ANAHEIM -- With his rare two-way ability, Shohei Ohtani brings extraordinary value to the Angels, and there are a few rule changes this year that could make him even more valuable.
Ohtani, the American League Rookie of the Year in 2018, is coming off Tommy John surgery and just finished his throwing program in late December after it was pushed back several months due to left knee surgery in September. The Angels have yet to announce their official plan with Ohtani, but general manager Billy Eppler has indicated that he will be used as both a starting pitcher and designated hitter this season.
Eppler also revealed a new rule change that will help Ohtani with both his rehab and his availability as a hitter: Two-way players can be placed on the injured list as a pitcher while still being available as a position player. So if Ohtani needs more time early in the season to rebuild his arm strength, he could still serve as the club’s DH while pitching in rehab games in the Minor Leagues.
"We'll be able to send Shohei on an actual rehab assignment as a pitcher, and then the very next day, if we so choose, we can use him in a Major League game as a hitter," Eppler explained to MLB Network Radio last week.
The 25-year-old might not be ready to pitch at the start of the year after his elbow rehab went longer than expected, but he’s healthy enough to serve as the DH, so he can at least be in the lineup at the start of the year.
Ohtani posted a 3.31 ERA with 63 strikeouts in 51 2/3 innings in 10 starts in 2018, and he has batted .286/.351/.532 with 40 homers and 123 RBIs in 210 games as DH.
As a rookie, Ohtani served as the DH roughly three to four times a week while pitching on Sundays. He is expected to be utilized in a similar role this season, but new manager Joe Maddon said at the Winter Meetings last month that he'd be open to allowing Ohtani to hit on the days that he pitches. Eppler, though, said it's still too early to determine if that's something they'll do this season.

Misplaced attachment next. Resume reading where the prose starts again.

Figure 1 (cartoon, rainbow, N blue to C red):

But the Halos could be helped by yet another rule change. Rosters are expanding to 26 players, but The Athletic’s Jayson Stark reported on Wednesday that clubs will be limited to 13 pitchers. The Angels, though, would benefit from the new two-way player exemption for Ohtani, so he would not count among those 13 pitchers and instead receive two-way status.
But in order to receive official two-way status, a player must pitch at least 20 Major League innings AND play at least 20 Major League games as a position player or designated hitter, with at least three plate appearances in each game in either the current or previous MLB season.
Ohtani was hurt by the fact that he didn’t pitch last year, which would’ve qualified him for two-way status in 2020, but the Angels are working with Major League Baseball to create an exemption for Ohtani because of his injury. Los Angeles is confident that it won’t have to wait for Ohtani to reach 20 innings, as the rule likely wouldn’t exist if he didn’t pave the way for other two-way players such as Tampa Bay’s Brendan McKay and Cincinnati’s Michael Lorenzen.
So if all goes according to plan for the Halos, Ohtani will be able to continue to rehab his elbow early in the year while still contributing as the DH in the Majors. And then once he’s fully healthy, his status as a two-way player would give the Angels an extra pitcher on their roster for even more flexibility.